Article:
Two reports published in recent days have shown conflicting views on Ireland’s position on renewable energy, e.g., wind or solar power.

The Energy Transition Readiness Index 2022 analyses the readiness of Ireland’s energy market to support the progression towards net zero, comparing it to other key European markets.

It has ranked Ireland joint lowest of all 13 countries surveyed.

The report ranks countries on a scale of one to five. Higher ranking countries scoring five and four have effective energy transition policies which encourage technological innovation and market access.

The reports come amid a target of a reduction of 25% in agricultural emissions by 2030, as farmers move towards more environmentally friendly methods and technology.

Renewable energy and Ireland

According to the report, lower ranking countries present barriers to investment through existing policies and rules which are complex and slow to evolve.

While the same report published last year awarded Ireland a score of four – showing that the country had a “proactive approach” to decarbonising electricity – this score has since fallen to three.

Among other causes, the report cites Ireland’s failure to allow low or zero-carbon projects to connect to the national grid as a factor which is delaying the transition to renewable energy, noting that the situation is “becoming increasingly critical”.

The report has also shown that the percentage of newly registered electric vehicles (EVs) in Ireland remains significantly lower compared to its European counterparts.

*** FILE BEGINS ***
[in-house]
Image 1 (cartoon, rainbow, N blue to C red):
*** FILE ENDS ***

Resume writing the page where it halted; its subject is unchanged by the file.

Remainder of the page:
EVs accounted for 5% of all newly registered vehicles in Ireland in 2021, compared to 12% in the UK, 20% in the Netherlands and 65% in Norway.

electric energy environment Government survey

On EV charging specifically, Ireland has received a score of two – together with Poland, this is the lowest score of any surveyed country.

While acknowledging that “few commercial barriers exist”, the report nonetheless notes that the rollout of EV charging infrastructure across Ireland has been “slow” and “limited”.

Attractive for renewable energy

Meanwhile, in a second report, Ireland has ranked 13th out of 40 countries in the latest Renewable Energy Country Attractiveness Index (RECAI) published by EY.

The biannual index examines the world’s top 40 markets on the attractiveness of their renewable energy investment and deployment opportunities.

Commenting on Ireland’s position in the index Stephen Prendiville, head of sustainability at EY Ireland said: “Ireland’s strong showing on EY’s Renewable Energy Country Attractiveness Index reflects our robust market for onshore wind, and continued growth prospects for offshore wind and solar projects.

“In the overall rankings we lost one ranking, down to 13th of 40 countries – a reflection more of other country’s progress rather than anything necessarily different in our own approach.

“When adjusted for GDP, Ireland punches far above its weight, climbing the rankings to sixth place – reflecting that we are very attractive for renewable energy development for the scale of our marketplace.

“The report highlights that globally, the transition to renewable energy has become even more urgent amid soaring gas prices, geopolitical tensions, supply chain shortages and extreme weather events,” he added.

“Distributed Energy Resources and smart grids will be key to securing energy supplies and getting the world to net zero by 2050.”